Published On: Mon, Dec 22nd, 2014

Cuban American younger generations, more open minded than their parents

Share This
Tags

Miami’s southwest 8th street, known locally as “Calle Ocho”, is like no other street in America.
Elderly Cuban men hunch over domino tiles in Máximo Gómez Park, grunting at each other in Spanish through cigars clenched between their teeth.
Rumba music blares from the corner cafes, and on the corner of 13th Avenue is a shrine where a statue of the Virgin Mary stands a few yards from a sculpture of a soldier with a machine gun. A plaque reads in Spanish: “To the martyrs who have shed blood for the freedom of Cuba”.
For more than fifty years, Miami’s Little Havana neighbourhood has been the exile capital for hundreds of thousands of Cubans who fled their homeland after Fidel Castro seized power in 1959.
Many of the first wave arrived as near-destitute refugees, but over the decades the exiles have risen to become a potent force in American political life. Even as their wealth expanded and their children grew up as Americans, they stayed focused on one goal: toppling the communist dictator who drove them from their homes.

Such is the exiles’ clout in the key swing state of Florida that American presidents of both parties have stuck rigidly to a 1960s policy of isolating Cuba economically with a trade embargo and refusing to deal with it diplomatically.

For more than fifty years Miami's Little Havana has been the exile capital for hundreds of thousands of Cubans who fled their homeland after Fidel Castro seized power  (Photo: Diana Bejar Diaz)

For more than fifty years Miami’s Little Havana has been the exile capital for hundreds of thousands of Cubans who fled their homeland after Fidel Castro seized power (Photo: Diana Bejar Diaz)

Even as the US normalised diplomatic relations with China, a far more powerful rival, and Vietnam, a country where more than 50,000 Americans died fighting communism, its policy towards Cuba remained frozen in time.
That decades-long consensus came crashing down on Wednesday morning when Barack Obama announced he was reopening the US embassy in Havana and bringing Cuba in from the cold. “Today, America chooses to cut loose the shackles of the past so as to reach for a better future,” he said.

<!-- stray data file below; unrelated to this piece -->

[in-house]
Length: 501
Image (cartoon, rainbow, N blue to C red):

The sense of anger and betrayal felt by older Cuban exiles is written across Miriam de la Peña’s face.
Her firstborn son, Mario, was a volunteer pilot with Brothers to the Rescue, a Miami activist group that used to fly sorties over the 90 miles of sea separating Florida from Cuba, looking for the makeshift rafts of Cubans trying to flee to the US.
On February 24, 1996, Cuban military jets darted into international airspace and shot down two of the Brothers’ Cessna aircraft, killing Mario and three other pilots.
The FBI later concluded that the Brothers had been infiltrated by “the Cuban Five”, a group of Cuban spies in Miami who helped the regime’s air force track and destroy Mario’s aircraft.

One of the spies was convicted of conspiracy to murder and sentenced to life in a US federal prison – where he remained until Mr Obama freed him on Wednesday as part of the diplomatic deal.
“The Obama administration has trampled on the only little bit of justice we had,” Mrs de la Peña told The Sunday Telegraph.
Mr Obama’s decision to risk the Cuban exiles’ wrath is partly a sign of an unbound second-term president, who will never face re-election and is on a streak of policy radicalism in his last two years in office.
In just the last six weeks, he has enraged Republicans by announcing a major climate deal with China, an extension of nuclear negotiations with Iran and a promise to allow millions of illegal immigrants to stay in the US.